Sunday, December 7, 2014
THE IMITATION GAME (7 Dec ’14)
TROUBLE IN PARADISE
Directed by Morton Tyldum. Starring Benedict Cumberbatch as Alan Turing and Keira Knightley as Joan Clarke.
It’s a matter of historical record that once the Bletchley code breakers cracked the secrets of the Nazi Enigma, they contrived to conceal their triumph. If it had been disclosed, the Germans might have changed the Code’s configuration, British intelligence would have been compromised, and the War Effort jeopardized. That’s right, victory was theirs; and now they had to deny it.
“Act as if you’ve never been there before,” is the famous mandate to NFL running backs otherwise bent on celebrating a touchdown.
What is it about Paradise Gained, that it must be lost again before it can be Regained? Aside from the defects of The Imitation Game’s wobbly melodrama and the compensatory virtues of its superb performances by Cumberbatch and Knightly, we are left with this sobering message. It resonates across the history of the arts. Was it not the French artist Roaul Dufy who painted with such facility that, in a fit of exasperation, he transferred the brush from his adept right hand to his more clumsy left? Did not the American watercolor master John Marin allow an accidental glob of water that had dripped down the center of one of his paintings to remain there, thereby ruining its perfection but fiercely proclaiming its imperfections as a water color? Or think of Charles Ives, who “subverted” the classical Lieder tradition with the brays and banter of crackerbarrel diction. And Lord Byron, who in the end discarded high-flying rhetorical excess for the rude vernacular of Don Juan. Or director Robert Bresson, who grew so dissatisfied with the practiced calculations of professional actors that he replaced them with the less studied, ”imperfect” performances of amateurs? Would that other filmmakers had backed off from their formal pursuits and disguised their artistry with flaws and mistakes! Stanley Kubrick and Jacques Tati, in my opinion, hermetically sealed themselves off from the scruffy old world of their youth and got lost in the maze-like film-machines of their so-called maturity. I would trade all of Tati’s Traffic and Kubrick’s Barry Lyndon for, respectively, the messier but gloriously tentative cinema of Jour de Fete and Killer’s Kiss.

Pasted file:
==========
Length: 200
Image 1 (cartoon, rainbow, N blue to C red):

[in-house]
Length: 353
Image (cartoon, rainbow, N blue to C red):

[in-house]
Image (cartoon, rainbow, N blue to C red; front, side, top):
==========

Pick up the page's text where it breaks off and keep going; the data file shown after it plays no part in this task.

These are grand deceptions indeed. When artistry conceals itself, the greater the gain. These are works that hold us breathless, even though they breathe our very air.